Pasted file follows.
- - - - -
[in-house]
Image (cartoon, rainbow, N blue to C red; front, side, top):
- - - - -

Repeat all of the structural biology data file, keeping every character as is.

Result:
[in-house]
Image (cartoon, rainbow, N blue to C red; front, side, top):